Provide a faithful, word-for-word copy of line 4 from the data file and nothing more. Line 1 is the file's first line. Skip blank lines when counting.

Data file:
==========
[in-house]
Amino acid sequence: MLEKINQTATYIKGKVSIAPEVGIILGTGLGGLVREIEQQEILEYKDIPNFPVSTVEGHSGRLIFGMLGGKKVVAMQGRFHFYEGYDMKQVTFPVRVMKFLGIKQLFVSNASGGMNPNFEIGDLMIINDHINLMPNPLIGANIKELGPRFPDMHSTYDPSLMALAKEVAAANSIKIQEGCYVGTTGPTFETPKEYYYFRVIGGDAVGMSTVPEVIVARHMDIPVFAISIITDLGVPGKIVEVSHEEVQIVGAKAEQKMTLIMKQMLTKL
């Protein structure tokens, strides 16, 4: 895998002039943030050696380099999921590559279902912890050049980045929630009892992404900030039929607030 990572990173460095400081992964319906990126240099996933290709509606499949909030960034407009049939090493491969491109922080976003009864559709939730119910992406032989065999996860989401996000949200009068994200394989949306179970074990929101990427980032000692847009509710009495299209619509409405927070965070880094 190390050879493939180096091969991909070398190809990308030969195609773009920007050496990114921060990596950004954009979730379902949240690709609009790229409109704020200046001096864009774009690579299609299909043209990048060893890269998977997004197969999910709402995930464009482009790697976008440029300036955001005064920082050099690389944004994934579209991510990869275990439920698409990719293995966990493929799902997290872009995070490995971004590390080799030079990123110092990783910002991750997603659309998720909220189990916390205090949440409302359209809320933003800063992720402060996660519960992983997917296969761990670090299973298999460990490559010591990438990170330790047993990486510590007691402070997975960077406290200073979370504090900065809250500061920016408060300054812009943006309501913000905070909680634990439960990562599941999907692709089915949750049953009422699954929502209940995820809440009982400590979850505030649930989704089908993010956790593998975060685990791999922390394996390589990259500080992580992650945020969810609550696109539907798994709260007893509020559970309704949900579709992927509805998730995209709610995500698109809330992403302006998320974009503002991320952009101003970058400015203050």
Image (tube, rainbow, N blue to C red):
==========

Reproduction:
Image (tube, rainbow, N blue to C red):